From inflation to crime, reality painfully crashes the illusions of Biden Democrats

Americans can now see with their own eyes what progressive have tried to deny, and the consequences are showing up in polling.

Published: December 10, 2021 6:15pm

Updated: December 10, 2021 10:59pm

The Democratic conductors orchestrating the one-company town that is Washington these days put on quite a performance for most of 2021.

Treasury Secretary Janet Yellen sang an unforgettable rendition of "It's Transitory" when inflation began spiking, while President Joe Biden stirred a few emotions when he declared the deadly, bungled U.S. exit from Afghanistan an "extraordinary success."

Like "Les Miserables" hero Jean Valjean at the barricade, Homeland Security Secretary Alejandro Mayorkas proudly proclaimed the U.S. southern border was fully secured as one million-plus illegal aliens poured across. And the grand dame of young progressives, Rep. Alexandria Ocasio-Cortez, belted out her own version of "What's Crime Gotta To Do With It," hoping to convince Americans that the pandemic of smash-and-grab robberies was "not actually panning out."

There's just one problem when politicians peddle illusions: Facts have a strange way of crashing the show. If voters can see reality, they dismiss the illusions. And when they do, the boomerang on the illusionists can be swift and consequential.

A poll last week on Joe Biden's future bore that out: Just one in four Americans want him to run for reelection, a stunning rebuke for a man that has only been in office for 11 months. The president's popularity lingers in the low 30s while Vice President Kamala Harris has an approval rating in the 20s.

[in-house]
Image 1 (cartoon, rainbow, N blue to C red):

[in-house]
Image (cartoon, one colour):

"The cumulative effect is that people do not trust him anymore," Sen. Marsha Blackburn (R-Tenn.) told Just the News on Friday. "And you can see this, whether it's in poll numbers, or if you do like I did and go have breakfast with a bunch of people at the Pancake Pantry in Nashville ... [what] you hear immediately from people is, 'We don't believe what they're telling us.'

"They were wrong about the border," said Blackburn in an interview on the John Solomon Reports podcast. "They were wrong about Afghanistan. They were wrong about the budget. They've been wrong about inflation. And it causes people to look at what they're doing with China, and look at what they're doing with Russia, and the fact that he's not holding them to account, and what are they saying? 'You have got to be kidding me? This cannot be happening to our country.'"